J Cancer 2017; 8(13):2636-2642. doi:10.7150/jca.19873 This issue
Short Research Communication
Metformin Sensitizes Leukemia Cells to Vincristine via Activation of AMP-activated Protein Kinase
1. Center of Growth, Metabolism and Aging, Key Laboratory of Bio-Resource and Eco-Environment, Ministry of Education, College of Life Sciences, Sichuan University, Chengdu, 610064. China
2. Hematology Department, Outpatient Department, Sichuan Academy of Medical Sciences & Sichuan Provincial People's Hospital, Chengdu, 610072, China
3. Institute of Pathology and Southwest Cancer Center, Southwest Hospital, Third Military Medical University, Chongqing, 400038, China
4. Dana-Farber Cancer Institute, Harvard Medical School, Boston, MA, USA
# These authors contributed equally to this work
Yi Y, Gao L, Wu M, Ao J, Zhang C, Wang X, Lin M, Bergholz J, Zhang Y, Xiao ZXJ. Metformin Sensitizes Leukemia Cells to Vincristine via Activation of AMP-activated Protein Kinase. J Cancer 2017; 8(13):2636-2642. doi:10.7150/jca.19873. Available from https://www.jcancer.org/v08p2636.htm
Vincristine is extensively used chemotherapeutic medicine to treat leukemia. However, it remains a critical clinical problem with regard to its toxicity and drug-resistance. AMP-activated protein kinase (AMPK) is an energy sensor that is pivotal in maintaining cell metabolic homeostasis. It is reported that AMPK is involved in vincristine-induced apoptosis. However, whether AMPK is involved in chemotherapy-resistance is largely unclear. It is well-documented that metformin, a widely used medicine to treat type II diabetes, possesses anti-cancer activities, yet whether metformin affects leukemia cell viability via vincristine is unknown. In this study, we showed that both AMPKα1 mRNA and phosphorylated AMPK protein levels were significantly decreased in clinical leukemia samples. We further demonstrated that metformin sensitized leukemia cells to vincristine-induced apoptosis in an AMPK-dependent manner. In addition, knockdown of AMPKα1 significantly reduced the effects of metformin on vincristine-induced apoptosis. Taken together, these results indicate that AMPK activation is critical in metformin effects on vincristine-induced apoptosis and suggest a putative strategy of a combination therapy using metformin and vincristine in treatment of leukemia.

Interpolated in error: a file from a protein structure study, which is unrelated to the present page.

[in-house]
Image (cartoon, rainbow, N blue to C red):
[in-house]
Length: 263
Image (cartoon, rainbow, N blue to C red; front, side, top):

Keywords: Leukemia, Vincristine, Metformin, AMP-activated Protein Kinase, Apoptosis, Combination Therapy